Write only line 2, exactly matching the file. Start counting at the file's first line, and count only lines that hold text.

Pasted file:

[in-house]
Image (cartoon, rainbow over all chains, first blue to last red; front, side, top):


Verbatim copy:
Image (cartoon, rainbow over all chains, first blue to last red; front, side, top):